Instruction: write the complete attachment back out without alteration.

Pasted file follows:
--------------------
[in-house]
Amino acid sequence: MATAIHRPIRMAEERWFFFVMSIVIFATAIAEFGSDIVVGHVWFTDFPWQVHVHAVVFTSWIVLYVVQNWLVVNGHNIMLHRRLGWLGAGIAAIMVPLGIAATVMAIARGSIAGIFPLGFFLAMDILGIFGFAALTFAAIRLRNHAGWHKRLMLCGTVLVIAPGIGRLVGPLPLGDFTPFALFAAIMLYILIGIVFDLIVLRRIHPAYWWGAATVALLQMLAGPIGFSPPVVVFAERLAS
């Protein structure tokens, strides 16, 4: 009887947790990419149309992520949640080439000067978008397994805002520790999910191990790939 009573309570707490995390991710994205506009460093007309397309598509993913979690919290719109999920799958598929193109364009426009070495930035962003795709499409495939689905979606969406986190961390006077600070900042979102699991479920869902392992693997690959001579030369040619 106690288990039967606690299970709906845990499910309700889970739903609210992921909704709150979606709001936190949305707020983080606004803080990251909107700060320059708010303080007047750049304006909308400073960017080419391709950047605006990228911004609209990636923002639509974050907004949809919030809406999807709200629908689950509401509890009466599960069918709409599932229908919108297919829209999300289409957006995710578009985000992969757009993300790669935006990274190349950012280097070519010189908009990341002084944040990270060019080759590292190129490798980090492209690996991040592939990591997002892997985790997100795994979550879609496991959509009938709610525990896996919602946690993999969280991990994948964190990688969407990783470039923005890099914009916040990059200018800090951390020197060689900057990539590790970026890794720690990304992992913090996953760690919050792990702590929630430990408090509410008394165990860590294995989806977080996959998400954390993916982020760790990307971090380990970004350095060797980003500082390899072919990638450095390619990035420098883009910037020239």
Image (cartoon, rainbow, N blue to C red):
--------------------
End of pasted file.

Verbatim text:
[in-house]
Amino acid sequence: MATAIHRPIRMAEERWFFFVMSIVIFATAIAEFGSDIVVGHVWFTDFPWQVHVHAVVFTSWIVLYVVQNWLVVNGHNIMLHRRLGWLGAGIAAIMVPLGIAATVMAIARGSIAGIFPLGFFLAMDILGIFGFAALTFAAIRLRNHAGWHKRLMLCGTVLVIAPGIGRLVGPLPLGDFTPFALFAAIMLYILIGIVFDLIVLRRIHPAYWWGAATVALLQMLAGPIGFSPPVVVFAERLAS
């Protein structure tokens, strides 16, 4: 009887947790990419149309992520949640080439000067978008397994805002520790999910191990790939 009573309570707490995390991710994205506009460093007309397309598509993913979690919290719109999920799958598929193109364009426009070495930035962003795709499409495939689905979606969406986190961390006077600070900042979102699991479920869902392992693997690959001579030369040619 106690288990039967606690299970709906845990499910309700889970739903609210992921909704709150979606709001936190949305707020983080606004803080990251909107700060320059708010303080007047750049304006909308400073960017080419391709950047605006990228911004609209990636923002639509974050907004949809919030809406999807709200629908689950509401509890009466599960069918709409599932229908919108297919829209999300289409957006995710578009985000992969757009993300790669935006990274190349950012280097070519010189908009990341002084944040990270060019080759590292190129490798980090492209690996991040592939990591997002892997985790997100795994979550879609496991959509009938709610525990896996919602946690993999969280991990994948964190990688969407990783470039923005890099914009916040990059200018800090951390020197060689900057990539590790970026890794720690990304992992913090996953760690919050792990702590929630430990408090509410008394165990860590294995989806977080996959998400954390993916982020760790990307971090380990970004350095060797980003500082390899072919990638450095390619990035420098883009910037020239």
Image (cartoon, rainbow, N blue to C red):